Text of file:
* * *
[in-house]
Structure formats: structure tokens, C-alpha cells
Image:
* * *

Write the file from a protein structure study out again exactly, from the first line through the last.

[in-house]
Structure formats: structure tokens, C-alpha cells
Image: